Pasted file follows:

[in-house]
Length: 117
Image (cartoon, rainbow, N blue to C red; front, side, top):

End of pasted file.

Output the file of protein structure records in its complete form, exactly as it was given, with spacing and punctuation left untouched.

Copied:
[in-house]
Length: 117
Image (cartoon, rainbow, N blue to C red; front, side, top):